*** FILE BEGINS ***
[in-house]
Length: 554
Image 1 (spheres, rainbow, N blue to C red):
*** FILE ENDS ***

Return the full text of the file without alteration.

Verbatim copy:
[in-house]
Length: 554
Image 1 (spheres, rainbow, N blue to C red):